We entered a series of well-secured doors and rooms, including the parole board room where we sat for a few more minutes, before we finally landed in the witness room.

"Y'all ready to go?" asked one female correctional officer.

This was it. This was the moment we lay eyes on the man who killed four people including his own grandmother decades ago.

Sutton had already been in prison for three murders but it wasn’t until 1986 when he was sentenced to death for killing a fellow prisoner a year earlier. Up until his death watch, several correctional officers have supported granting Sutton clemency.

The room we stepped into was about 10 feet by 15 feet with a large door and window in front of you. A peculiar feeling struck as you carefully determined which of the red cushion seats in the three rows you should claim. You're practically trying to answer which seat would give you the best vantage point of the execution chamber.

The room eventually went dark. You saw the blue glow from the telephone attached to the wall and the sliver of light peeking underneath the door and side of the window where a dark curtain covered our view. Like my colleagues Jason Lamb and Chris Conte reported before, it was hard to take notes, so, the sound of pencils scribbling away was evident. So were the indistinct chatter and sound of doors closing from the other side of the window.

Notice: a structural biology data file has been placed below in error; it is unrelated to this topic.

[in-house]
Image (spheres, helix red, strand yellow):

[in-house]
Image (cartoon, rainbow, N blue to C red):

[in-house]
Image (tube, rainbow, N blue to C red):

It was 6:56. I wrote on my notepad, "IDK if I'm ready." Even in the dark, I found myself ferociously drawing the door and window and the three witnesses who have already seen executions sitting in front of me. It's as if I was back in art class when you had to draw a portrait without ever looking down on your paper.

About 15 to 20 minutes passed by when we heard doors closing loudly twice. The chaplain walked in. So did an attorney general representative. Almost a dozen people were now in the room when we heard through the speaker above our heads, "sound check."

"Loud and clear," the officer in the room responded through her radio.

Sutton's attorney walked in before clanking echoed from the speakers and filled the room. Even though we couldn't see anything, you could paint a picture in your head as you heard the crisp sound of chains unraveling or dropping.

7:12, the curtain went up.

Sutton's eyes were the first thing you noticed. Those eyes. You can never forget that look. Under harsh lights, he looked directly at us and showed no emotion. Travis Dorman of Knoxville News Sentinel described him as having a frown. To me he looked sad and solemn.

Sutton clearly looked different from his mug shot and the pictures of him smiling in prison. He gained weight and was bald and clean shaven, as indicated would happen in the 99-page TDOC manual. In his off-white prison uniform with a blue stripe running along the leg, Sutton was buckled down to the electric chair. Six black straps restrained him and his ankles were strapped and wrapped with sea sponges. He was barefoot.

"Mr. Sutton, any last words?" the warden asked him.

Compared to other death row inmates who came before him, Sutton gave more than just a few final words. He gave an unexpectedly lengthy declaration that none of the witnesses were able to write down everything he said verbatim. But here was my best attempt.